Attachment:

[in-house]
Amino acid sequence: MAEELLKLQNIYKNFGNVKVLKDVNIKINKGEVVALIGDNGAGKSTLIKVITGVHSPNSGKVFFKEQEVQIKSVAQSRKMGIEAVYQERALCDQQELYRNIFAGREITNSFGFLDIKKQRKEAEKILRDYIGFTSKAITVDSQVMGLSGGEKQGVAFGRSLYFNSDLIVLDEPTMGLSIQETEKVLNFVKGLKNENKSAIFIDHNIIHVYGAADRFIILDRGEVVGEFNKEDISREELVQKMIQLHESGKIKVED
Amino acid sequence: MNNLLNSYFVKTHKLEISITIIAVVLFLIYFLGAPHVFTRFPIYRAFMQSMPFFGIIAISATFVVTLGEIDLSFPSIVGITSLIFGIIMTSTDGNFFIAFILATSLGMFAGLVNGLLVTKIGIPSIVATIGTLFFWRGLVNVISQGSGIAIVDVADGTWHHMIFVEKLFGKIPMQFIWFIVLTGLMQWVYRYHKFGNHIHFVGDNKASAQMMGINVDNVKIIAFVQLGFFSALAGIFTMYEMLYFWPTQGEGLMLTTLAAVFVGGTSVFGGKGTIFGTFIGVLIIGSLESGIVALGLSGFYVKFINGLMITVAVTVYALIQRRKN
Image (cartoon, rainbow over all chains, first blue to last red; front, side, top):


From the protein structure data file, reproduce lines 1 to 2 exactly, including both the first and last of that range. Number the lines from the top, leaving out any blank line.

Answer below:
[in-house]
Amino acid sequence: MAEELLKLQNIYKNFGNVKVLKDVNIKINKGEVVALIGDNGAGKSTLIKVITGVHSPNSGKVFFKEQEVQIKSVAQSRKMGIEAVYQERALCDQQELYRNIFAGREITNSFGFLDIKKQRKEAEKILRDYIGFTSKAITVDSQVMGLSGGEKQGVAFGRSLYFNSDLIVLDEPTMGLSIQETEKVLNFVKGLKNENKSAIFIDHNIIHVYGAADRFIILDRGEVVGEFNKEDISREELVQKMIQLHESGKIKVED